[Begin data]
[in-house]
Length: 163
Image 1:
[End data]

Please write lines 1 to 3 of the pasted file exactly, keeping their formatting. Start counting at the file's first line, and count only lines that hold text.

[in-house]
Length: 163
Image 1: